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Golf 101: Key Terms & Their Origins

Golf 101 Terms

Golf is more than just a sport—it’s a rich tapestry of history, culture, and language. Whether you’re a seasoned player or just picked up a club, understanding golf’s unique vocabulary is essential to appreciate its nuances fully. This post continues our Golf 101 series and delves into 30 pivotal golf terms, unraveling their meanings and the stories behind their origins.

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Key Terms & Origins

Ace

Hitting the ball from the tee into the hole in one stroke.
Origin: First recorded in 1898, from the card game term meaning a single card of high value. Golfers began using “ace” to describe a hole-in-one around 1900.

Albatross

Completing a hole three strokes under par. Also called a double eagle.
Origin: From the large seabird, inspired by the rarity of scoring three under par on a hole. First used in golf in the late 19th century.

Approach

A shot intended to land the ball on the green.
Origin: From the verb “to approach”, first used in golf in the early 1880s to describe shots near the green.

Birdie

Completing a hole one stroke under par.
Origin: Coined in 1899 from the term “bird”, slang at the time meaning something excellent.

Bogey

Completing a hole one stroke over par.
Origin: Named after “Colonel Bogey,” a fictional character representing an average golfer. Popularized in 1914.

Break

The curve a putted ball takes due to the slope of the green.
Origin: From the verb “to break,” used since the late 1800s to describe a putt curving off a straight line.

Bunker

Definition: A hazard filled with sand.
Origin: From the Scottish term for a sand trap, in use since the early 1800s.

Caddie

A person who carries golf clubs and provides other assistance.
Origin: From the French “cadet,” meaning a younger sibling, first used in golf in the late 1800s.

Chip

A short shot played close to the green.
Origin: From the verb “to chip”, used in golf since the 1880s for short shots that “chip” the ball onto the green.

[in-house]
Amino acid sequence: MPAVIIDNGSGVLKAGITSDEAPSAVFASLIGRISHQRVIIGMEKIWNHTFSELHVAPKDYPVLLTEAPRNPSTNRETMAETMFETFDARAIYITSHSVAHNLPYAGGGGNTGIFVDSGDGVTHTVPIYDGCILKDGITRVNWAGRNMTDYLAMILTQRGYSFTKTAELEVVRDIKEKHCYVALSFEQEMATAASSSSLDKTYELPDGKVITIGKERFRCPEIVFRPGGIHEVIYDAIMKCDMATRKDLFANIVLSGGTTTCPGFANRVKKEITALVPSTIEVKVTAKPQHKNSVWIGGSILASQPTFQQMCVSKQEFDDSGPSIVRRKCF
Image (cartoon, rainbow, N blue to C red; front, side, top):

Divot

The chunk of grass and soil taken when hitting a shot.
Origin: From the Scottish term for a turf slice, in use since the early 1800s.

Dogleg

A hole that does not follow a straight line from tee to green.
Origin: From the shape, first used in golf in the early 20th century.

Dormie

Being up in holes in match play with the same number left to play.
Origin: From the French “dormir” meaning “to sleep”, in use since the 17th century.

Draw

A controlled shot that curves slightly left to right (for a right-handed player).
Origin: From the curved shape of the shot’s path, a usage dating back to the 1880s.

Eagle

Completing a hole two strokes under par.
Origin: Likened to the impressive swoop of the bird, first used in golf in the late 19th century.

Fade

A controlled shot that curves slightly right to left (for a right-handed player).
Origin: From the faded shape of the shot’s path, in use since the late 1800s.

Fairway

The area of shorter grass between the tee box and putting green.
Origin: From the adjective “fair”, describing the ideal path to the hole. Used since the 1700s.

Fore

A warning shout when a ball may hit nearby players.
Origin: Possibly derived from the military “beware before,” used in golf since the late 1800s.

Green

The putting surface around the hole.
Origin: So named for the grass color, in use since golf’s origin in Scotland.

Grip

How the hands hold the club. Also, the rubber handle of the club.
Origin: From the verb “to grip”, used in golf since the 1880s.

Hazard

Any obstacle on the course, like bunkers or water.
Origin: Named for the danger posed, a golfing term since the late 1800s.

Hook

An exaggerated curved shot to the left (for a right-hander).
Origin: From the curved shape, in use since the 1880s.

Iron

A club with an angled metal head that is used for approach shots, pitch shots, and chipping.
Origin: Named for the clubhead material, in use since the early 1800s.

Loft

The angle of the clubface to the vertical plane.
Origin: From the trajectory imparted, a golf term since the 1870s.

Mulligan

A free redo of a poor shot not counted on the scorecard.
Origin: Popular myth credits a 1930s Canadian golfer named David Mulligan.

Par

The expected number of strokes to complete a hole.
Origin: From the Latin for “equal”, first applied to golf in 1911.

Putt

 A stroke on the putting green.
Origin: From the verb “to putt”, used in golf since the early 1800s.

Rough

The taller grass around the fairway.
Origin: Named for the difficulty of playing from this area, in use since the 1880s.

Slice

An exaggerated curved shot to the right (for a right-hander).
Origin: From the shape of the shot’s path, first used in golf in the late 1800s.

Wedge

A wedge is an iron golf club with significant loft, typically used for short shots and shots from difficult lies. The first wedge was the niblick, similar to today’s pitching wedge. The modern sand wedge was invented by Gene Sarazen in 1931 to help lift the ball out of bunkers. Sarazen debuted his new club at the 1932 British Open.

Wood

Woods are a golf club with a large, rounded head traditionally made of persimmon or beech wood. The lowest-numbered woods are used for long shots from the tee or fairway. The oldest woods were longnose used for driving. Bulgers emerged in the 1800s with bulbous heads similar to modern woods. Metal woods with steel and titanium heads became popular in the 1970s and 1980s and remain so today.

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